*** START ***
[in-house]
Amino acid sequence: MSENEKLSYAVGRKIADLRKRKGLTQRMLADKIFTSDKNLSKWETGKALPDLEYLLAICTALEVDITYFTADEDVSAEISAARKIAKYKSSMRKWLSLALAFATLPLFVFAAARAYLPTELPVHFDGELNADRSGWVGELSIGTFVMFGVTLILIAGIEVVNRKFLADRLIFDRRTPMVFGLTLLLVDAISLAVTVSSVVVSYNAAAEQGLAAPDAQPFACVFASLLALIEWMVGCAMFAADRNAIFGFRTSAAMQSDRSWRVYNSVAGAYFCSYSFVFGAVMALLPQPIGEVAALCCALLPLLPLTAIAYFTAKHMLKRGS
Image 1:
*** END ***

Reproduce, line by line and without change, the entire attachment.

[in-house]
Amino acid sequence: MSENEKLSYAVGRKIADLRKRKGLTQRMLADKIFTSDKNLSKWETGKALPDLEYLLAICTALEVDITYFTADEDVSAEISAARKIAKYKSSMRKWLSLALAFATLPLFVFAAARAYLPTELPVHFDGELNADRSGWVGELSIGTFVMFGVTLILIAGIEVVNRKFLADRLIFDRRTPMVFGLTLLLVDAISLAVTVSSVVVSYNAAAEQGLAAPDAQPFACVFASLLALIEWMVGCAMFAADRNAIFGFRTSAAMQSDRSWRVYNSVAGAYFCSYSFVFGAVMALLPQPIGEVAALCCALLPLLPLTAIAYFTAKHMLKRGS
Image 1: